After Greatest Hits, hopes for a full E. Street Band reunion ran high, but instead Bruce surprised (and disappointed) everybody by releasing the solo The Ghost Of Tom Joad, which brought him back to the same stark black and white images of Nebraska only not nearly as successfully. Though songs such as the title track (named after the title character in John Steinbeck’s novel The Grapes Of Wrath) and “Youngstown” are extremely compelling, this album too often sets vivid lyrics to insubstantial and ultimately boring music. As with Nebraska (again there’s that inevitable comparison) Bruce writes about the desperate plight of others, with songs about immigrants, murderers, and other assorted criminals. But these relentlessly bleak one-note performances tend to drag, as the album could use a few more melodies as memorable as “Youngstown.” Bruce’s muffled vocals don’t help matters any, and though I respect his decision to make deliberately uncommercial music when he could still be selling out stadiums, personally I wish that Bruce would be more musically ambitious (c'mon Bruce bring back the E. Street Band for good!). Unlike Nebraska, I don't get the impression that these tales absolutely needed to be told, but rather that Bruce was grasping for critical respectability after the relative failure of Human Touch and Lucky Town. In addition, and maybe this is just me, but I always liked the idea of Nebraska being a once in a lifetime sort of curveball, and the appearance of this vastly inferior sequel (of sorts) somehow makes Nebraska seem slightly less special to me. Don't get me wrong, there are some other solid songs here, such as "Straight Time," "Dry Lightning," and "Across The Border," and the album's liner notes are a really good read, but musically speaking I guess I’ll always prefer Bruce the rocker to Bruce the folkie. Fortunately, the E. Street Band reunion would happen eventually and would prove to be well worth the long wait.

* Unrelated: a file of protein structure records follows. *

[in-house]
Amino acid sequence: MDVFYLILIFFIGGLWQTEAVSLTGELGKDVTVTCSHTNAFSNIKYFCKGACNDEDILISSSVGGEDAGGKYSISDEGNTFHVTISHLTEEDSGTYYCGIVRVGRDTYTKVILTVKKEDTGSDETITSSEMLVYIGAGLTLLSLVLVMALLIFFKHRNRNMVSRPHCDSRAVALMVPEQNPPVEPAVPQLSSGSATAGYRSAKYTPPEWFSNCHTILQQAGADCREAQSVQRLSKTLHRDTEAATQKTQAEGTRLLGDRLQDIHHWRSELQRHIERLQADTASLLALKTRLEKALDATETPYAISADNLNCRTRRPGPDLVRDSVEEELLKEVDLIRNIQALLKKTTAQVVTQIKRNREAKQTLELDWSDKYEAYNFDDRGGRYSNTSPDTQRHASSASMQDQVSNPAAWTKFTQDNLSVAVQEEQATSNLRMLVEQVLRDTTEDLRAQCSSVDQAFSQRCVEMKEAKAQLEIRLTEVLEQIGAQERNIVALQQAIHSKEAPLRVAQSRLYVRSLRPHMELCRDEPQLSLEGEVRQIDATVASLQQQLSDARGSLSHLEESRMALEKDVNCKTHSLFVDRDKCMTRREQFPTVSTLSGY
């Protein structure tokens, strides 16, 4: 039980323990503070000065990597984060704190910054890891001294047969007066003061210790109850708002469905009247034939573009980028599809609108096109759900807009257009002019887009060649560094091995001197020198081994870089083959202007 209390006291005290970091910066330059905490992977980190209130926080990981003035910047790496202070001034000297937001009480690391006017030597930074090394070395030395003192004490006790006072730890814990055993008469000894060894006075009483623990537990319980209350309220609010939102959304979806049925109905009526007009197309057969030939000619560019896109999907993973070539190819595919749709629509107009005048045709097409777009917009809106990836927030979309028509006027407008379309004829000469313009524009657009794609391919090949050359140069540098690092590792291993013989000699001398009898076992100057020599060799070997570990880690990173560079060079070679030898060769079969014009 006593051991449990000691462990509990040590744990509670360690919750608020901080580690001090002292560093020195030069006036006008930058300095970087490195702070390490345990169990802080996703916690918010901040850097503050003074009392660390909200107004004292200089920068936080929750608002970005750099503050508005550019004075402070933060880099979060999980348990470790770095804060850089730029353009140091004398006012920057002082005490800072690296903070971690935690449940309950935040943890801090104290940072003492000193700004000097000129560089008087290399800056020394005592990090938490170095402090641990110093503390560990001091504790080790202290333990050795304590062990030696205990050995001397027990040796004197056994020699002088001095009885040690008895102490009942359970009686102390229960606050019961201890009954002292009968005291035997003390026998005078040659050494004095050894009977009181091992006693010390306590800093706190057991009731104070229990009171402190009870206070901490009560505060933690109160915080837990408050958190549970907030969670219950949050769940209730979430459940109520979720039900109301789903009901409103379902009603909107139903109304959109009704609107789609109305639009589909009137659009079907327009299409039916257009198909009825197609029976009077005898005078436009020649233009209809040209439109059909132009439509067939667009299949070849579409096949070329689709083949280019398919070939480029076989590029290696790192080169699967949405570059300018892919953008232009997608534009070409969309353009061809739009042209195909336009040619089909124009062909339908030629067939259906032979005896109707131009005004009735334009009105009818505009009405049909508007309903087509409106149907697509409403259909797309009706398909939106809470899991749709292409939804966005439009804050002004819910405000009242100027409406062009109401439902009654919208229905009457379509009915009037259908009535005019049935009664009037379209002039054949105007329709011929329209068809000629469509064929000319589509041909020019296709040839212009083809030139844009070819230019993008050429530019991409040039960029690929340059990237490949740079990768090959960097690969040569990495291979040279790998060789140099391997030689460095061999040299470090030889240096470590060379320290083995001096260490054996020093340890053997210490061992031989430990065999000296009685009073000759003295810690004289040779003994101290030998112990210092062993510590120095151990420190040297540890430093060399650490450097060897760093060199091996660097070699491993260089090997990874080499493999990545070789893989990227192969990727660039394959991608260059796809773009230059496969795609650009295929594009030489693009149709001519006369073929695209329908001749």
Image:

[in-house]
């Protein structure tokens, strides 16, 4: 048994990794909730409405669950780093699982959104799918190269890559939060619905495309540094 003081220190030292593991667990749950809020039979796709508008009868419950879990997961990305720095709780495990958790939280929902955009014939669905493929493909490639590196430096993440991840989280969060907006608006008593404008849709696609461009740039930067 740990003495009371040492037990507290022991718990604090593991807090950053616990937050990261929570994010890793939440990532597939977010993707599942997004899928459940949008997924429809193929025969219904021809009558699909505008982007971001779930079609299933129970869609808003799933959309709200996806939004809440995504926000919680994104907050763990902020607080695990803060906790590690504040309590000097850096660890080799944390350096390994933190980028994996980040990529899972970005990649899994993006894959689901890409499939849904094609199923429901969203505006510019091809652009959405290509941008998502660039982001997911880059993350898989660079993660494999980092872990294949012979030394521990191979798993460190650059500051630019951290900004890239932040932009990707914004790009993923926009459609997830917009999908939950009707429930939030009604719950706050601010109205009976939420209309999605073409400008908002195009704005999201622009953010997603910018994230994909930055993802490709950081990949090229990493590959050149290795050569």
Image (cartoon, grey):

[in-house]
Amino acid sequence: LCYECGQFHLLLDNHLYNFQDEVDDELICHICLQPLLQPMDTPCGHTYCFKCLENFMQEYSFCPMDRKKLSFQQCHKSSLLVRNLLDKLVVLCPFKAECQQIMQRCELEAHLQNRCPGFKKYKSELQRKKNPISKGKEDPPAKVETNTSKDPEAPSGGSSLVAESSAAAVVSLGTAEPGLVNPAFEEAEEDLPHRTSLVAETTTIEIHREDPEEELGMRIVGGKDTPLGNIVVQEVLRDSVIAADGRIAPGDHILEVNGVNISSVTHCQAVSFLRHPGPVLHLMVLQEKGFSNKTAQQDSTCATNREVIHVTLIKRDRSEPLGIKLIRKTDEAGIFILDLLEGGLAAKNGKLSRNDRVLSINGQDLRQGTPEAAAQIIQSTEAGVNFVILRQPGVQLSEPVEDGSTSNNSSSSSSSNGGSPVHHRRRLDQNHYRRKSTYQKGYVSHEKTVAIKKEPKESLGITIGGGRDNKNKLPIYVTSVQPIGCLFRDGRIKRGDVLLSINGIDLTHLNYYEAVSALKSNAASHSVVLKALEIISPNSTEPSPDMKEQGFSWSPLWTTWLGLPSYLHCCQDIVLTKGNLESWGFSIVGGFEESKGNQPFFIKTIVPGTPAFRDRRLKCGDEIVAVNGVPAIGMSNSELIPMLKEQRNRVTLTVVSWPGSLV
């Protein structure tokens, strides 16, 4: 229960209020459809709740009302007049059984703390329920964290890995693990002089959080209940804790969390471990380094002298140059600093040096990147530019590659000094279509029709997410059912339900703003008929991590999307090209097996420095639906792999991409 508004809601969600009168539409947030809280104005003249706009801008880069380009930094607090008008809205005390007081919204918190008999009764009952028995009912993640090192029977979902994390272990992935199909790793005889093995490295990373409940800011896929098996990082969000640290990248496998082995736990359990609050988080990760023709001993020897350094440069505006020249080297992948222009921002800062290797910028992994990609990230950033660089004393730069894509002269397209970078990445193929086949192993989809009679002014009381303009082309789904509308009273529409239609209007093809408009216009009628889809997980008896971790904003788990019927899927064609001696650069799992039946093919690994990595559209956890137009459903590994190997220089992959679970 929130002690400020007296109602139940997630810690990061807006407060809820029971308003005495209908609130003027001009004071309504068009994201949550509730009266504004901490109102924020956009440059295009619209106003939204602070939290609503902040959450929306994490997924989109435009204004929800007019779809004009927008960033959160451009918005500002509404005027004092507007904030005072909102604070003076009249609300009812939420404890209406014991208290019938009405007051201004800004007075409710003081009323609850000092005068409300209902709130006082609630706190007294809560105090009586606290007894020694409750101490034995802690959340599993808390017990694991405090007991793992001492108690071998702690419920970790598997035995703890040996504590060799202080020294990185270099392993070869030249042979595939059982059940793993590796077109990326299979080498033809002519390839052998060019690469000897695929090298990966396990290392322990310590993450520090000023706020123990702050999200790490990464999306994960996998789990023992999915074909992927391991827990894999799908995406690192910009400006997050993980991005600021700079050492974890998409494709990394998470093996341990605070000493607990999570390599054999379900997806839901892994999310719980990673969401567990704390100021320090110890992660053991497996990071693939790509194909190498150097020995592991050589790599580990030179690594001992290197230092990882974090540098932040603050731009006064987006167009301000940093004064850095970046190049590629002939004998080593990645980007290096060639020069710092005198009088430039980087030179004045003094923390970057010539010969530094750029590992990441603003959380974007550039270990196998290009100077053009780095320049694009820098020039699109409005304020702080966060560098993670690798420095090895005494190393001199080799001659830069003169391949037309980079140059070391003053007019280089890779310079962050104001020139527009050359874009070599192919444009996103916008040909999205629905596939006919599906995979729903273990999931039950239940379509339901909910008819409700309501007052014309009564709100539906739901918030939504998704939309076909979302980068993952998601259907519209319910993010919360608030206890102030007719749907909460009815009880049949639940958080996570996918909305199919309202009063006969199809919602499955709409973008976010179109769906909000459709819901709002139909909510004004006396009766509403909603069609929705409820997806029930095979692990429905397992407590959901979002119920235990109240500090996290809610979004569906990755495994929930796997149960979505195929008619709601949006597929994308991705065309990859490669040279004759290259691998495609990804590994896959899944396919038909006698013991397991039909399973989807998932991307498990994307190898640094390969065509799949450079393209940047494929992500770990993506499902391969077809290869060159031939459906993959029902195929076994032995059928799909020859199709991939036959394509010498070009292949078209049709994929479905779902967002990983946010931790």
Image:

Tracks (Columbia ’98) Rating: A-